Suffering a brain injury can be catastrophic for the victim, but these injuries can also have a massive impact on the lives of their loved ones. Damage to the brain can mean a lot of changes for the individual affected, including requiring ongoing care, changes to personality and mood, and in some cases, permanent disability. Knowing how to support victims can be a challenge, and it is easy to be overwhelmed and confused. In case you faced traumatic brain injury contact our brain injury law firm for help.

There tends to be an assumption that once the victim is home from the hospital, their lives will resume as usual – particularly if there are no outward, physical consequences. Sadly, this is usually far from the case, and many sufferers will require ongoing support and assistance to help them manage in everyday life.

What Can I Do to Help?

You may think that unless you are medically trained or specially qualified, that there is little you can do to help. There are, however, small changes you can make to support a friend or family member, and make life after a brain injury more manageable.

What Do You Know?

Education is a great place to start and will enable you to gain a better understanding of the condition. Not all brain injuries are the same, so make sure that you talk to the victim to gain an insight into their personal situation. This offers a chance to develop support strategies and will allow you to understand and empathize.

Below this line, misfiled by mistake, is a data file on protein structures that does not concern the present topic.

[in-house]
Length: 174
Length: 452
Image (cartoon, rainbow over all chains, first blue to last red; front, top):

Can Anyone Else Help?

In some cases, it may benefit victims of TBI’s to meet others in the same position – this can be a great place to find support from those who really understand. See if there is a place like this for your loved one, and explore the options available. Make sure that they are aware of the possibilities they have, and support them to attend meetings and groups if they desire.

What about Practical Help?

Sometimes practical help is the most useful gift you can give. Whether it is picking children up from school or running errands, setting reminders and sending regular emails, or being them to help fill in a form, there are plenty of practical ways you can offer assistance. Sufferers often have issues with their memory, so make sure you are on hand to provide a helpful reminder and understand that you may have to repeat yourself on occasion.

What About When We Are Out and About?

Sometimes, your loved one may be anxious about socializing and getting out and about amongst groups of friends. They may become tired or overstimulated more quickly, be worried about forgetting things, or find their symptoms are worsened by alcohol. Here again, you can be a shoulder of support. Ask if they would like you to brief the group on their condition or simply act as a quiet observer? Try and find situations for social occasions which allow them to move at their own pace and feel comfortable, and follow their lead on discussing the injury. Simply being there can be a real help and allow and encourage them to develop confidence and renewed enthusiasm over time.